The new record, which is the duo’s 11th disc, heralds a new phase for the Indigo Girls. The two were unceremoniously dumped from Disney’s Hollywood Records in 2007, forcing the pair to turn to indie label Vanguard Records to release this album. More importantly, “Poseidon” also solidifies the commercial direction the duo have pursued in recent years — at least as saleable as acoustic guitar music can be in the age of Auto-Tune, digital samplers and iPods.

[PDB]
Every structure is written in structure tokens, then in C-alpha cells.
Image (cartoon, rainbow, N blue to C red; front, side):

Many might credit the Girls’ increasing pop orientation to who’s now serving their producer. To be sure, “Poseidon” marks another highlight in the pair’s continuing collaboration with Mitchell Froom. Since joining with the Girls in 2006, he has nudged them towards a more inclusive sound and one not defined solely by what their audience expects of them. With credits that include Sheryl Crowe, Pearl Jam and Los Lobos — as well as fellow folkies like Richard Thompson and Suzanne Vega — Froom has pushed the acoustic guitars to be a part of the music as opposed to the whole and allowed the formidable sidemen the duo has always been able to call upon to occupy a greater share in the mix. (Perhaps as a peace offering to the folkie diehards, the deluxe edition of the album features a second disc of all-acoustic renditions of the songs.)